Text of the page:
We also visited a village on the Sesan River downstream of the Lower Sesan II dam. The local fishermen here are very familiar with the dam construction process since they have been going upstream through the dam site to fish for 3 years since construction started. We could not get permission to visit the dam site, so we interviewed the local fishermen. They explained that the dam construction involved a fairly narrow bypass channel for the river. As the river rose each wet season since 2014, water roared through this bypass, under the construction bridge, at a much higher velocity than the river ever flowed before. In fact, local boats could not ascend the bypass because water velocities in wet season overwhelmed even 13 HP motors. In fact several boats which tried early on were swamped and lost at the bridge site. The fishermen believe these high bypass channel velocities are far too great for smaller species of migratory fish, and probably could only be passed by large, strong species of migratory fish. This explains why fishermen much further up the Sesan told us that the small migratory fish that always appeared in their area in early wet season have not appeared for the last 3 years…..dam construction cut off their migration. The locals believe that the dam will divide the Sesan now into two fisheries: an upstream fishery and a downstream of dam fishery….this is true. No one knows which if any migratory species will be able to use the new reservoir as a grow out (rearing habitat), and continue to migrate into smaller tributaries for spawning. Certainly the species which migrated up past the dam site (many many species according to 3SPN ethno-biology study) are at risk of disappearing, and may have a hard time finding any suitable habitat for spawning downstream of the dam. This puts a strong pressure on those interested in preserving some of this migratory fishery to make sure a future Sekong River dam (Stung Treng Province), if it is built, must include fish passage facilities. That is because Lower Sesan dam was shut in January, and the Sesan and Srepok fisheries will now suffer that debilitating force. If the Sekong, a very large river which flows from some fairly intact forested watersheds in northern Stung Treng and neighboring Laos. can be kept open for fish passage, it could supply part of the tributary spawning habitat for Mekong migrant fisheries, even with Sesan and Srepok partly lost.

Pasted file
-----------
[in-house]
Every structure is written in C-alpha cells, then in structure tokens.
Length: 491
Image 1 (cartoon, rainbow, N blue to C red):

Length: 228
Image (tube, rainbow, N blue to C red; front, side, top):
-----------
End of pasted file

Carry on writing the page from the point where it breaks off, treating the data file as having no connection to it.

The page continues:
Traveled to Siem Reap to meet with NGO FACT (also a member of Rivers Coalition of Cambodia) to learn about their fishery work, and visited a community they work with near Tonle Sap lake. They work nationwide with base communities of fishermen, and also have offices in Phnom Penh. Also learned about Sam Veasna Center in a brief visit there. This wrapped up our fisheries and water resource visits, although I was also able to meet up with Mey Phalla, a 2015 Clark Fork Coalition-Mansfield YSEALI scholar, in Phnom Penh, where he now works for CARE International on health projects in eastern Cambodia. Also met with a representative of WCS in Phnom Penh to learn more about their wildlife conservation programs.
Heading back to US today (Sunday) after a fascinating trip. Many thanks to the US State Department, YSEALI program, Mansfield Center and of course 3SPN and Bunthann, who put together a very valuable tour. I will be writing some recommendations in a final report. Cheers…….Will McDowell, Missoula, MT, http://www.clarkfork.org